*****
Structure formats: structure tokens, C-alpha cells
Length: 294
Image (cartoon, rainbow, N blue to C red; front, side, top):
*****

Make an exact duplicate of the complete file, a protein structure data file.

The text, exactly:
Structure formats: structure tokens, C-alpha cells
Length: 294
Image (cartoon, rainbow, N blue to C red; front, side, top):